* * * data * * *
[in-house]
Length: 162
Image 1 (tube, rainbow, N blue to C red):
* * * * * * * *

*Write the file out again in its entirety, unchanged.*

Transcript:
[in-house]
Length: 162
Image 1 (tube, rainbow, N blue to C red):